The interview is the most widely utilized method for the selection of human resources. (Shackleton and Newell, 1997.) Despite concerns over its validity (Huffcutt and Arthur, 1994) meta analytic research suggests that the interview can be a selection tool with substantial predictive validity. However, this is only the case when properly conducted with structure and adequately trained interviewers (Jelf, 1999) Despite having a predictive accuracy of 0.62, found in the Predictive Accuracy Model (Beardwell and Holden, 2001) the interview has received continued popularity, as people are more familiar with them. The interview is described as a controlled conversation with a purpose (Torrington and Hall, 1995.) Interviews are usually conducted face to face but also telephone interviews can be used. There are two forms of interviews; structured and unstructured. Traditionally, unstructured interviews had low validity (Mayfield, 1964) Structured interviews were then developed to improve validity so at least then all candidates were interviewed with the same questions and used the same dimensions to assess. Most firms tend to use a combination of structured and unstructured interviewing techniques as this is more effective. Unstructured interviews are more flexible and allow for probing of candidates responses further and evaluating their personality attributes such as soft skills and energy levels. This is found in line with Blackman (2002). Unstructured interviews can help in bringing out the personality of a candidate and to determine his fit within the organisation. However, the drawbacks of using completely unstructured interviews have been highlighted in literature (Anderson, 1992) Structured interviews were particularly useful for evaluating lower levels and unstructured interviews became important as the levels increased, especially in the case of middle and senior managers. The main varieties of structured interviews are behavioural and situational. Behavioural interviews are where the interviewer will ask questions about past behaviour in order to predict future behaviour. Situational interviews test thought processes and logical thinking by asking the candidate how they would respond to a hypothetical situation. Behavioural interviewing tends to be more popular than situational interviewing. Empirical data from UK firms highlights these advantages of behavioural interviews (Barclay, 2001) It is argued that selection interviews can be understood as a process that involves ‘political and power games (Bozionelos, 2005.) It is argued that important decisions on organisations are influenced by political motives rather than rationale or merit (Ferris & King, 1991) All stages in the selection process can serve as ‘arenas for political games.’ Unlike other selection methods such as references, biodata and psychometric tests, access to information from interviews is extremely limited to those who have not been present; the interview is regarded as an ‘opaque process’ to outsiders (Carlson et al. 1971) Despite all of this, and fact that interviews’ predictive accuracy is below that of assessment centres, it has been found that interviews and work samples were rated most positively over all (Kravitz et al 1996)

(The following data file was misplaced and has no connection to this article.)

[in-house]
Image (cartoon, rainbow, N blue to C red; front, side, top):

Biodata attempts to capture directly the past behaviour of a person and use this as the basis for predicting future behaviour. Behling and Eckel (1991) model assumes that managers make decisions by relying on past experiences and their general sense of the situation. Applicant forms, commonly found online collect biodata (Hill & Barber 2005) Since they are based on actual behaviour, the idea is that they are less prone to misinterpretation, resistance and distortion (Stricker and Rock, 1998) Research has shown biographical measures can produce good levels of predictive validity (Mumford and Stokes, 1992) Townley (1992) claims use of biodata is a way for an organisation to acquire a compliant, non-unionised workforce. However, there are concerns about the appropriate item content and the test construction methods (Mael, 1991) In terms of content many biographical measures contain questions, which are indistinguishable from items on an attitude scale. In terms of construction, a key problem is that because most measures are empirically keyed to predict particular criteria, they cannot be used in different settings (Furnham 1997) It can also produce a very homogenous workforce and this produces a problem with the ability to adapt to change, which is important. Nevertheless, more recently research has shown that biodata can be designed to predict performance in a variety of organisational settings. (Carlson et al., 1999)